Lesson 5: Share resources through your posts. If there is something that inspires your post then reference the resource of the person who inspired you. Perhaps it is a TED talk, a specific webpage, an image, a link to someone’s blog or an author. If I refer to an educational researcher or another educators blog, I may also include a link to their Twitter name, so that a reader can follow them if they are interested. If I am referencing a book, I may provide a quick link to an Amazon, or similar website, which gives the opportunity for readers to purchase the book, which promotes further reading on the topic / issue – we’re doing this to learn after all. One of my posts was was about an inspirational TED talk by Rita Pierson called Every kid needs a champion. I embedded the video into the post, which was a great way to share what caught my attention and the catalyst for the post.

Lesson 6: Share your blog through in different forums. To increase the chances of other educators reading your blog it is worthwhile investing the time to share your posts through different social media services. I have linked my blog to both Twitter and LinkedIn, so that when a new post is published, it immediately can be accessed by my connections and followers. Even though I am a user of Facebook, I chose not to link my blog to this service because, I use it for family and friends, so no work here. I also use AboutMe to promote my blog and have a personal profile there for readers to learn a little more about where I am coming from and provide them with the opportunity to connect. These connections are crucial, as you never know when you will bump into a reader.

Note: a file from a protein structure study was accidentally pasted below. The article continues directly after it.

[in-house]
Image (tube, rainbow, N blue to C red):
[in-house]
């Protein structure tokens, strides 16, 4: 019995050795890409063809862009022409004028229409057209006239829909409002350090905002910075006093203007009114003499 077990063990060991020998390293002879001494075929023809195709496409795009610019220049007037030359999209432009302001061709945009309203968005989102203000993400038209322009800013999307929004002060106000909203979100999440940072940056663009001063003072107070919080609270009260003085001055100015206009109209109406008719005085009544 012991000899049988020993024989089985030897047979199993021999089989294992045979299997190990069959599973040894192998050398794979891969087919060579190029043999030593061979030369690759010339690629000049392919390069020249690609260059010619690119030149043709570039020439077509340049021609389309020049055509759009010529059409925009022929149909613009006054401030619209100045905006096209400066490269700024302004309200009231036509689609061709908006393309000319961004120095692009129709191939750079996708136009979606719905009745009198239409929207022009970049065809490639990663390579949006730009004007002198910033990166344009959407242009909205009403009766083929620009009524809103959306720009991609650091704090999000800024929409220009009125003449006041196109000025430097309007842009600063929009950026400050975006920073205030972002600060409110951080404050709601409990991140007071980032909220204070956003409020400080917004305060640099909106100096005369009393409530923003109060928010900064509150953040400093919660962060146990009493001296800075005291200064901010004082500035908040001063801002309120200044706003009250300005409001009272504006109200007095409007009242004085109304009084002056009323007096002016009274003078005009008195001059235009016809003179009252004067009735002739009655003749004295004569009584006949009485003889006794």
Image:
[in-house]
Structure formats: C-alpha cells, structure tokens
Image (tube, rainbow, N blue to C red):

When I started blogging, as outlined in my first post, I felt compelled to share. We are not just leading the students in our school, in our classroom, education is more than that. The connectivity we have today and a motivation to freely share and collaborate without expecting something in return has the ability to improve a child’s education, even if you do not know them and they live on the other side of the world. That’s reason enough for me to keep sharing and learning!